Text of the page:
And I join the people across Northern Ireland in looking forward to seeing the return of a devolved government.  Democrat [Democratic] sharing-power in governance is the heart of the Good Friday Agreement.

And I want to recognize the five Northern Irish political party leaders who are here today.  Gentlemen, would you please stand?  (Applause.)  And ladies.  Sorry.  (Applause.)  

As I said today on Capitol Hill, I want to thank you all for standing together with Chief Constable Burn in the wake of the attempted murder of Detective Chief Inspector Caldwell.

It was an important show of unity.  A refusal to return to violence.  Even after nearly 25 years, we can’t take for granted a shared future built on peace in Northern Ireland.  We can’t fail in our effort to seek compromise and cooperation for the good of everyone.

And I want each of you to know that the United States will remain your strong friend and partner in the work that lies ahead.

The Republic of Ireland today is a country with a past that tugs at your heart and a future that’s shaping the world.  And it’s a global force in culture and the arts and evidenced by the 14 Oscar nominations that went to Irish artists this year.  (Applause.)

But I think the most important thing is the voice for moral leadership in the world stage.  It’s a driver of the economic and technological development of our world.  And there’s no limit to where the partnership between our nations can take us.

Let me end with this.  Everything between Ireland and the United States runs deep: our joys, our sorrows, our passions, our drive, our dreams, our optimism.

Even in the most difficult of moments, even in the darkest moments of descair [sic] — despair, we hold on to hope.  Hope.  We believe in a better tomorrow.  We see a world not of a shrinking opportunity, but of unlimited possibilities.  We see a future that knows no bounds.

Remember Seamus Heaney’s poem — his wife was kind enough to send me another copy of it — ”The Cure at Troy.”  He wrote, quote:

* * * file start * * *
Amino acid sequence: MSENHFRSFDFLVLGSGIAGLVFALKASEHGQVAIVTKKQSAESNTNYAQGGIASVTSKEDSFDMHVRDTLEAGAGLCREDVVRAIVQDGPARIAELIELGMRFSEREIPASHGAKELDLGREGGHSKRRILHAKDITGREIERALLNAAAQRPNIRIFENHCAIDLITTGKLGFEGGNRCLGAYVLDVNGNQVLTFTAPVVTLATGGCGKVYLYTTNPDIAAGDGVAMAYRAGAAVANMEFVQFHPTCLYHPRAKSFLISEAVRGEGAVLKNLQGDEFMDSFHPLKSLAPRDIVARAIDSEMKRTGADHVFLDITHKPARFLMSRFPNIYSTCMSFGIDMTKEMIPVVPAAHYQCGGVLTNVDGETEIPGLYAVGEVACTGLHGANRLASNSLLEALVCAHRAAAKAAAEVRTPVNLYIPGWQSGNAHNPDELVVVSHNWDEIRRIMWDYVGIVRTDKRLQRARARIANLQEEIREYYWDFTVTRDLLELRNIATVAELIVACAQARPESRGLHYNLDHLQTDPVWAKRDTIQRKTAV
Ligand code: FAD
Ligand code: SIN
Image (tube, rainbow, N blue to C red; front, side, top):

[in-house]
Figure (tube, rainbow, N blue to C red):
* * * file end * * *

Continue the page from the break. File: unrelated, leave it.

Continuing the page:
“History” — “History says, Don’t hope
On this side of the grave.
But then, once in a lifetime 
[That] longed-for tidal wave
Of justice [rises] up,
And hope and history rhyme.”

Ladies and gentleman, this is an age where we can once more make hope and history rhyme, and I believe that with every fiber of my being.  And I’ve been doing this a long time. 

That’s the power of this friendship.  I really believe it.  And that’s the strength of our partnership.

And simply put, as my father would say — my mother would say, “That’s the Irish of it.”

Taoiseach, the floor is yours.  (Applause.)

TAOISEACH VARADKAR:  Mr. President, Madam Vice President, Second Gentleman, senators, representatives, ladies and gentlemen: As we know, every American President is a little bit Irish on St. Patrick’s Day — (laughter) — but some are more Irish than others.  (Laughter and applause.)  And I think it’s fair to say that today we’re celebrating our national day with a President who is unmistakably a son of Ireland.  (Laughter and applause.) 

President Biden, in your life story we see reflected the story of Ireland.  It’s a story of service and patriotism, of family, of courage in the face of tragedy, and, above all, unswerving faith in the future.

So, tonight we recall the Blewitts of County Mayo and the Finnegans of County Louth, and all those who left Ireland to find a new dream in a new land, in this land.